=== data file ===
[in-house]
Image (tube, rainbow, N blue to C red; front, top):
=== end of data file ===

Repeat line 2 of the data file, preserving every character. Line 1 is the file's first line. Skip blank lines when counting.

Image (tube, rainbow, N blue to C red; front, top):